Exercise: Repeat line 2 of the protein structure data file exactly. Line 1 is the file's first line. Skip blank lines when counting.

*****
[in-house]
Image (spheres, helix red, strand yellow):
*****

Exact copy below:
Image (spheres, helix red, strand yellow):